Is the American family doomed? You might start thinking so given the recent spate of sensational news articles that have been popping up lately. Last month, the Atlantic Monthly celebrated Father's Day by sharing that dads are no longer necessary. This month New York Magazine proclaims that parenthood is a much bigger bummer than we all thought and suggests we might actually be better off not having kids at all.
My reaction: glad to read these crazy notions!
Why am I glad for such wild swipes at the family unit? Simply put, I see these sorts of articles like the Terminator's final lunge at Sarah Connor before she has the robot compacted; and, just like Sarah Connor in that first Terminator film, we will never be the same again.
Let's examine a little more closely the latest article from New York Magazine. Numerous studies are presented in that article to prove again and again that our happiness dwindles with the more children we have. There is some validity to these findings. If you're a parent, you know firsthand that taking care of kids is mainly drudgery. Yes, there are pockets of fun and pleasure embedded in all of the stress, but the day-in, day-out affair that is parenting can wear down even the heartiest of souls. That's the general view of the article and it's a valid point of view. However, I would argue that these feelings of discontentment have less to do with what's wrong with our families and are more symptomatic of how the family is mistreated in our culture.
What I mean by mistreatment is the lack of any form of real support for dads, moms and the family in American culture. Work/Family balance here is a joke. And paid parental leave? For most of us Americans, that's a reality as close to us as Toy Story. I do give New York Magazine credit for pointing out that similar studies about parental satisfaction from Scandinavian countries, given their year-long parental leave and other supports, have (shock!) dramatically different results than our studies. Unfortunately, this point is buried pretty deep and too briefly in this otherwise alarmist article.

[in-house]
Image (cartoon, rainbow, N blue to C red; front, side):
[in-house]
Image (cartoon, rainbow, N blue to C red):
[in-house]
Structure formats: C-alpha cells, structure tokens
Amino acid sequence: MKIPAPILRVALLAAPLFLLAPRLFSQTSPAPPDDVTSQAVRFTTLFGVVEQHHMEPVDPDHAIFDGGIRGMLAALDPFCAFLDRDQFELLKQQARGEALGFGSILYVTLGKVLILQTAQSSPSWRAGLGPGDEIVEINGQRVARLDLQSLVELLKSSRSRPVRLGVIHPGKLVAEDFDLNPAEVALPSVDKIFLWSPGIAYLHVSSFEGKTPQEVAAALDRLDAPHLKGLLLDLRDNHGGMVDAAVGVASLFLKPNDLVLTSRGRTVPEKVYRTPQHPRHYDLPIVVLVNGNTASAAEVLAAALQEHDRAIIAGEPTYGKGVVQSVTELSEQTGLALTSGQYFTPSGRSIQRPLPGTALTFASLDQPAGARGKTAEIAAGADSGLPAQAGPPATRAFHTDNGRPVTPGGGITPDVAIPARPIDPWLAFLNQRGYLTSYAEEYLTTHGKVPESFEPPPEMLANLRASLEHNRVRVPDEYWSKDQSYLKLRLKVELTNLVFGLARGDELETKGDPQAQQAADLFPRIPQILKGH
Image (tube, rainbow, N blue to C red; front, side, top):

The good news these reports and others clearly point to is how moms are no longer the only ones suffering from acute work/family balance problems. Dads are feeling it, too. The bottom line: the American family unit is not working the way it's supposed to.
The greater the awareness that things are not working, the more we will collectively seek solutions to these problems -- or suffer mercilessly until we do so. I'm cautiously optimistic because the more that working dads feel these issues and realize it's as much about them as their wives, the better the chance we have for finding better ways to balance our lives.
Which brings me to my last point: being a parent isn't supposed to be fun. It's a job. It's painstaking. It's major amounts of sacrifice. You will have more gray hairs and more circles under your eyes as a result. From a daily view, which is mostly where New York Magazine takes its perspective, it is a lot of unheralded, senseless grief. But here's the other side: investing in the upbringing of your kids is, for a lot of people, one of the most meaningful, humbling, purposeful things we can be doing with our lives. Beyond the projectile vomiting, the sleepless nights, the nagging whines, the raging hormones and the drain on our time, space and bank accounts, there is profound meaning in it -- and that, at least for this dad, makes all the difference.
(Dana H. Glazer is the award-winning director of the feature length documentary film, The Evolution of Dad. To learn more about the film, please visit www.evolutionofdad.com)
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